# # comment

In PowerShell single line comments start with a hash symbol, everything to the right of the # will be ignored.

# comment

In PowerShell 2.0 and above multi-line block comments can be used:

<# comment #>

Multi-line comments are typically used to add descriptive help at the start of a script, but also work to embed comment text within a command.

Examples

Copy-Item demo.msi C:\install\demo.msi #copy the installer

```<#
Running this script will make your computer catch fire!
Last updated: 1666-09-02
#>

Get-Content -Path <#configuration file#> C:\app64.ini```

## Copy and Paste

Because PowerShell supports Tab Completion you need to be careful about copying and pasting Space + TAB characters (which most often sneak in before comments).

Example:

Function demo() {
} # comment

^ That line is }<space><tab> #
when copied/pasted onto the PowerShell command line:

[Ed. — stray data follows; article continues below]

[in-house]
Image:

PS C:\batch> Function demo() {
>> } .\aaardvaark.cmd# comment
>>
The term '.\aaardvaark.cmd#' is not recognized as the name of a cmdlet, function, script file...

What is happening is that the space-tab gets expanded to match the first file in the current directory, in this case aaardvaark.cmd. If the sequence had been <space><tab><space> and the first file had been a PowerShell script or an executable then it would actually be run.

If your white space consists of nothing but <space> characters (or nothing but <tab> characters) then this will never occur.

#Now stand in the place where you work, Now face West
Think about the place where you live, Wonder why you haven't before# - REM 'Stand'

Related:

Escape characters - double \\ to escape them